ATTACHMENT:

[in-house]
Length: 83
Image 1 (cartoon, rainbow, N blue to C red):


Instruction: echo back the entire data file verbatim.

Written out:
[in-house]
Length: 83
Image 1 (cartoon, rainbow, N blue to C red):